Sugar beet seeds of O-type SBSI-02 diploid monogerm cultivar were provided by Sugar Beet Seed Institute of Iran. Agrobacterium rhizogenes strain AR15834 harboring plasmid pRi 15834 was used to transform sugar beet explants. Expression vectors pIA, pIC, pICC, pIM targeting scFv to apoplast, cytosol, cytosol, and mitochondrial membrane, respectively, were utilized (Fig. 1A).

Fig. 1

Gene cassettes for engineered single-chain antibody fragments (scFv) expression in various cellular locations in Beta vulgaris hairy roots (A). Plant expression vectors pIC and pICC targeting scFv to cytosol while pIA and pIM directing it to apoplast and cytoplasmic membrane of mitochondria, respectively. 35S, Cauliflower mosaic virus 35S promoter; OCST, octopin synthase terminator; SP, polygalacturonase-inhibiting protein signal peptide; KDEL, endoplasmic reticulum retention signal to stabilize scFv in cytoplasm; MTS-TM, mitochondrial targeting sequence and transmembrane regions; His6, a six histidine tag. Hairy roots transformed with the p21-scFv gene 2 weeks after inoculation with Agrobacterium rhizogenes (B) and clonal hairy root cultures (C, D).

These plasmids were introduced into A. rhizogenes cells as described by (Holsters et al., 1978). Bacteria were grown at 28°C in 10-ml LB medium containing rifampicin (50 μg/ml), spectinomycine (100 μg/ml), and kanamycin (50 μg/ml) to an OD600 = 1.0. Following centrifugation, the bacterial cells were resuspended in half strange liquid MS medium (1/2 MS) medium containing 100 μg/ml acetosyringone. The bacterial suspension was adjusted to a final OD600 of 0.2 for transformation of in vitro cultured sugar beet petiole and leaf. The explants were cut into small pieces at about 2–3 cm and inoculated with the bacterial suspension for 10 min, blotted dry and then transferred onto 1/2 MS supplemented with the 100 μM acetosyringone and 60 μM AgNO3 for 48 h in dark at 25°C. After co-cultivation, Explants were transferred onto solid 1/2 MS supplemented with 250 mg/l cefotaxime and 50 mg/l kanamycin and incubated at 25°C and 16-h photoperiod. Single hairy roots with 2–5 cm in size were excised and cultured in liquid 1/2 MS medium containing 250 mg/l cefotaxime. The cultures were agitated at 120 rpm on rotary shaker at 25°C and 16-h photoperiod and subcultured every 15 days.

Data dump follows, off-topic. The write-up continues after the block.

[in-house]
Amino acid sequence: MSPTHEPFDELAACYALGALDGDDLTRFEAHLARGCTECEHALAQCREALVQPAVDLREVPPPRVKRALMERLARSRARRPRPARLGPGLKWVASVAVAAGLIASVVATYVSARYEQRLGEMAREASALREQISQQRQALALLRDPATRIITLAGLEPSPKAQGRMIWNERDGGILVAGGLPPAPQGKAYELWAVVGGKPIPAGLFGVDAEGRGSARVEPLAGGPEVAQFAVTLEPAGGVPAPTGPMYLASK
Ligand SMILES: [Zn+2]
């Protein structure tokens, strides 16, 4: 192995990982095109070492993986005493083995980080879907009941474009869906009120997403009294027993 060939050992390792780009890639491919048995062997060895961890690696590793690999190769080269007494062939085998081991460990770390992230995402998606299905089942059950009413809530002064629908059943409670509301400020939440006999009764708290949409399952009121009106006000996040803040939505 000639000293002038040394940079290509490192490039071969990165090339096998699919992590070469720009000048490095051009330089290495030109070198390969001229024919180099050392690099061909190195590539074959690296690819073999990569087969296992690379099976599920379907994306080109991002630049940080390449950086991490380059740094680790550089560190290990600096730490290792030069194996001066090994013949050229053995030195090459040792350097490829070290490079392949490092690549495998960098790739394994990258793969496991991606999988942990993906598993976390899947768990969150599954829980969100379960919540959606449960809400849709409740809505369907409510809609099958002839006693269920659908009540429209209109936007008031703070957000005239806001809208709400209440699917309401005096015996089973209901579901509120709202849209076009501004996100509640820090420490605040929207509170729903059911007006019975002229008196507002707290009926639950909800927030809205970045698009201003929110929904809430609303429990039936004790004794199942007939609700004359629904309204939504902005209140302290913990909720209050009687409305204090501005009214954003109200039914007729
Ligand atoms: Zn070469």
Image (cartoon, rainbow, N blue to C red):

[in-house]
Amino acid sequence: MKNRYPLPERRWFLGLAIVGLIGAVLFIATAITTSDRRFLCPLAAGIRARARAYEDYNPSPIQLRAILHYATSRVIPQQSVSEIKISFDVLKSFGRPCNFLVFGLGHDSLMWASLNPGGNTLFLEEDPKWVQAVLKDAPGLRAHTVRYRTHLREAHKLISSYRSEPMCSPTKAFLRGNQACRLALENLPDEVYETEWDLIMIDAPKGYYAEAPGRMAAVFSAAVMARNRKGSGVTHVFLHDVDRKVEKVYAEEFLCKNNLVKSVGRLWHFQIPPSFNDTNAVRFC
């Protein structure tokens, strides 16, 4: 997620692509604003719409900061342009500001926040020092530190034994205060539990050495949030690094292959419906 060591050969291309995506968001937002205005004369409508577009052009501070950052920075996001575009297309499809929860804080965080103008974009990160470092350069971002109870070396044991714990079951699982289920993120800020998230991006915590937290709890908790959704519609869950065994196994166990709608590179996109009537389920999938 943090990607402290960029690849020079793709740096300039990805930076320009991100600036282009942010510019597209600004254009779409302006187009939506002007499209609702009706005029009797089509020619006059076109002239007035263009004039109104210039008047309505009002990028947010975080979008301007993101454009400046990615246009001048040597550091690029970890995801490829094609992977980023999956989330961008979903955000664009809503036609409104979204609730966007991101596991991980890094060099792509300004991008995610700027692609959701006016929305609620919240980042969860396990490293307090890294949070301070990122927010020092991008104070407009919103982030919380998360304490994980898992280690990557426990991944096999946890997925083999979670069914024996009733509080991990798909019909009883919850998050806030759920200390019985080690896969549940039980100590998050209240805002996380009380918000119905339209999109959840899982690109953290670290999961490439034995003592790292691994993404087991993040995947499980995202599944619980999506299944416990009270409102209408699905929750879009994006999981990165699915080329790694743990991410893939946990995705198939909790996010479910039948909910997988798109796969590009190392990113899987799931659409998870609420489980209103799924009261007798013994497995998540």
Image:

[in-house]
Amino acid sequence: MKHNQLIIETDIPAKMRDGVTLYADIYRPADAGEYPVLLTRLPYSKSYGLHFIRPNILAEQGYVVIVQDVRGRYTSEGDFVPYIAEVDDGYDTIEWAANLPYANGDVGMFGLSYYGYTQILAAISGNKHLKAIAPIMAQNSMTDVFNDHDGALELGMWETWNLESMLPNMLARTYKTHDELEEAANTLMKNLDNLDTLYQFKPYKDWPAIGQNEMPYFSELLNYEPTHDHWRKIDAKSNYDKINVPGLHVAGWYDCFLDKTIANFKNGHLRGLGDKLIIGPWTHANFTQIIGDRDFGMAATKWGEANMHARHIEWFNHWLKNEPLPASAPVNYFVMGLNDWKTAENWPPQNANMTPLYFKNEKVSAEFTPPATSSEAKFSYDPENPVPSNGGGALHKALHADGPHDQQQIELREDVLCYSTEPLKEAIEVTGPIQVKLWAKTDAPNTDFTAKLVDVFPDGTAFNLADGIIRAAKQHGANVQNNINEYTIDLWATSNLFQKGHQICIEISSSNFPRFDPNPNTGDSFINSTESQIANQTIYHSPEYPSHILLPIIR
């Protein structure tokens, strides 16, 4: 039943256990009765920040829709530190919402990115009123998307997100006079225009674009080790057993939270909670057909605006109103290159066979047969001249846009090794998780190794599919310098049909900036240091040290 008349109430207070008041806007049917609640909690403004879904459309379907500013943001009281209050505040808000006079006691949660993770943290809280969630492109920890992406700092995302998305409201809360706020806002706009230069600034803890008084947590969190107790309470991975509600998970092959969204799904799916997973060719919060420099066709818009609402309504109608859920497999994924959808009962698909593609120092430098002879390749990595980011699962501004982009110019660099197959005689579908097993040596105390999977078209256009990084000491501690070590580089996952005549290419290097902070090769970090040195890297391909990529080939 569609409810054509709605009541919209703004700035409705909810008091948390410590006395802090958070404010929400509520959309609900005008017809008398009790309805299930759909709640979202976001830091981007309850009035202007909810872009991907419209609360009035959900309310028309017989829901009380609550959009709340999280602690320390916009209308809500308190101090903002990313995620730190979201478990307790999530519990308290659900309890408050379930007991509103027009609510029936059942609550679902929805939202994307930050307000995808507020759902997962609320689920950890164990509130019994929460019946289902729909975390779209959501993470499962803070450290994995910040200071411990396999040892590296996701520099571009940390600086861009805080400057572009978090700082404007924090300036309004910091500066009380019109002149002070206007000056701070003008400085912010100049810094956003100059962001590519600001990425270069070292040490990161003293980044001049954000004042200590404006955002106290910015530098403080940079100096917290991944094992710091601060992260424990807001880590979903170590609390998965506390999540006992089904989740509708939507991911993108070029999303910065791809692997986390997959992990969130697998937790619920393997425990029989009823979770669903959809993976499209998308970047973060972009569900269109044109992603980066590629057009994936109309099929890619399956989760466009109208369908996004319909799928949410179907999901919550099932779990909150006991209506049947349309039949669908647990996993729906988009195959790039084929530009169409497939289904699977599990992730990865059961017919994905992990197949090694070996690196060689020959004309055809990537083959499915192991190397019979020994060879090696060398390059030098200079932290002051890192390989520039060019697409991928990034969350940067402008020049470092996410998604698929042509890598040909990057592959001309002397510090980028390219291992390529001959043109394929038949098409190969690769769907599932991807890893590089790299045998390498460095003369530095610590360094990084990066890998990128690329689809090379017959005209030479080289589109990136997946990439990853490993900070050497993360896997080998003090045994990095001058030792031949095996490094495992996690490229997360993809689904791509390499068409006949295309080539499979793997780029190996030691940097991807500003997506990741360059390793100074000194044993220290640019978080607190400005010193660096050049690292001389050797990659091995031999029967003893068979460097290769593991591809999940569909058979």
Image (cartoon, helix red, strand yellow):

Genomic DNA was extracted from hairy roots based on the mini-Dellaporta method (Weigel and Glazebrook, 2009). Genomic integration of transgenes was confirmed by PCR using scFv specific primer pairs. PCR reaction was carried out with an initial cycle at 94°C for 5 min; followed by 40 cycles at 94°C for 30 s, 64°C for 30 s, 72°C for 1–2 min and a final cycle at 72°C for 10 min. The PCR products were visualized by electrophoresis on 1% agarose gel. PCR-positive plants were evaluated for viral resistance as below. Accumulation of scFv in transgenic hairy roots was analyzed by western blotting using antibody against poly-His tail. For protein extraction, 1 g hairy roots were ground in liquid nitrogen to a fine powder. Total soluble protein (TSP) was obtained by using 0.5 ml extraction buffer containing 100 mM Tris-HCl (pH 7.4), 500 mM NaCl, 5 mM EDTA, 5 mM dithiothreitol, 0.25 mM phenylmethane-sulfonylfluoride, and 5% β-mercaptoethanol. Cell debris was separated by centrifuging at 10,000 ×g for 30 min at 4°C. Quantification of TSP was carried out using Bradford method (Bradford, 1976). Fifty micrograms of TSPs were separated by 12% sodium dodecyl sulfate–polyacrylamide gel electrophoresis and then blotted onto PVDF membrane (Roche, Mannheim, Germany). The membrane was hybridized to Penta-His MAb (Qiagen, Hilden, Germany) followed by detection reactions using a horseradish peroxidase conjugated goat anti-mouse IgG (Jackson ImmunoResearch, West Grove, PA, USA) and ECL Western Blotting Detection Kit (Amersham, Munich, Germany).

Inoculum was produced from roots of sugar beet which were heavily infected with BNYVV. Infected roots were surface sterilized in 70% ethanol for 1 min, then kept in 2.5% sodium hypochlorite solution plus one drop of Tween 20 for 30 min by continuous shaking and finally rinsed five times with sterile distilled water. The sterilized roots were kept on 1/2 MS medium for a month to be sure is free of infection.